TB symptom screen less likely to detect active TB in people taking HIV treatment

Keith Alcorn
Published: 14 September 2018

The four-symptom screen for active tuberculosis (TB) that is recommended for all people living with HIV in lower-income settings is less likely to detect active TB in people taking antiretroviral therapy (ART) and may be improved by the additional use of a chest x-ray, according to a systematic review and meta-analysis by the World Health Organization (WHO).

The findings are published in the journal The Lancet HIV.

TB remains the biggest cause of death in people living with HIV, including those already taking ART. WHO estimated that nearly 400,000 people with HIV died of TB in 2016. Preventing the development of active TB by giving isoniazid preventive treatment is a priority for reducing the incidence of TB in people living with HIV. TB prevention using isoniazid requires screening to rule out active TB, as the use of isoniazid preventive therapy in a person with active TB would lead to the development of isoniazid resistance.

To improve the uptake of isoniazid preventive treatment, WHO developed a four-symptom screening test that allows physicians to rule out the presence of active TB. In the absence of current cough, weight loss, night sweats or fever, TB preventive treatment can be started. If any of the symptoms are present, further investigation is necessary.

A meta-analysis showed that this four-symptom screen had a sensitivity of 79% and a specificity of 50% (in other words, the screen would correctly identify active TB in 79% of people who had it and correctly rule out active TB in 50% of people who do not have TB).

However, the four-symptom screen appears less sensitive in people on ART, missing more cases of active TB than in people not on ART. To determine the sensitivity and specificity of the four-symptom screen in people on ART and to establish whether the use of a chest X-ray would improve the sensitivity of screening in people on ART, WHO carried out a systematic review of studies and a meta-analysis of study data.

The systematic review looked for studies published in journals or presented at conferences after WHO recommended the four-symptom screen in 2011, in which the sensitivity and specificity of the four-symptom screen was verified with sputum or other samples, tested using culture or Xpert MTB/RIF.

The review identified 21 prospective cohort studies involving 15,247 people with HIV. Ten studies included people taking ART but three studies were excluded from the meta-analysis because they did not disaggregate data according to ART status.

The meta-analysis covered 18 studies involving 4640 people taking ART and 8664 people who were previously untreated at baseline. A median of 68% of people with HIV had at least one of the four symptoms but the median proportion of people on ART who had at least one symptom was lower, at 29.7%.

The meta-analysis found a pooled sensitivity of the four-symptom screen in people on ART of 51% (95% CI 28.4-73.2) that is to say, the screen would identify only half of the people on ART who had active TB. The specificity was 70.7% (95% CI 47.8-86.4%). In treatment-naïve people, sensitivity was much higher in the pooled analysis (89.4%, 95% CI 83-93.4%), but specificity was lower (28.1%, 95% CI 18.6-40.1%) than in ART-treated people. However, when studies reporting no active TB in people not on ART were excluded, sensitivity improved in people on ART (62.1%, 95% CI 38.4-81.1%) but was almost unchanged in treatment-naïve people (88.5%, 95% CI 55-98).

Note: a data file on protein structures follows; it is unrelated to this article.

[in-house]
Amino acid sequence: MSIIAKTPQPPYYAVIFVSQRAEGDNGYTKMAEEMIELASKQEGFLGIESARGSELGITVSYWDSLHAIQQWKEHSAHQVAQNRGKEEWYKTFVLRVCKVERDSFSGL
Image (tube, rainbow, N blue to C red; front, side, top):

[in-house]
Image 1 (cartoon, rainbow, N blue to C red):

Sensitivity of the four-symptom screen in people on ART was higher in studies that did not include pregnant women (62.1%, 95% CI 38.4-81.1%) but specificity was lower (62.9%, 33.2-85.3%).

Five studies included data on chest x-ray findings. However, only two studies provided data on 646 people that allowed the pooled sensitivity and specificity of the four-symptom screen plus chest x-ray to be calculated in people on ART.

These two studies suggested that adding the chest x-ray improved the sensitivity (84.6%, 95% CI 69.7-92.9%) but also substantially lowered the specificity (29.8%, 95% CI 26.3-33.6%).

The review authors say that the four-symptom screen may be less sensitive in people on ART because people with low CD4 counts – more likely to be initiating ART – are also more likely to present with symptoms of fever or weight loss due to HIV disease or other opportunistic infections. 

Although chest x-ray significantly improved the sensitivity of screening in people on ART, the authors of an accompanying comment article, Colleen Hanrahan and David Dowdy of the Johns Hopkins Bloomberg School of Public Health, question whether the modest improvement in the probability of detecting active TB in the absence of symptoms is worth the logistical and financial challenges that national treatment programmes will face if they try to expand the use of chest x-ray.

“It is likely that a recommendation to require chest x-ray before initiation of preventive therapy will do more harm than good,” they say, pointing out that the reduction in the specificity of the four-symptom screen if chest x-ray is added would reduce the number of people eligible for isoniazid preventive treatment.

In the light of these findings,WHO has recommended that chest x-ray may be added to the four-symptom screen in people who have already started ART.


Hanrahan C, Dowdy D. Chest x-ray for tuberculosis preventive therapy: use caution. The Lancet HIV, 5: e478-9, 2018.

Hamada Y et al. Sensitivity and specificity of WHO’s recommended four-symptom screening rule for tuberculosis in people living with HIV: a systematic review and meta-analysis. The Lancet HIV, 5: e515-23, 2018.

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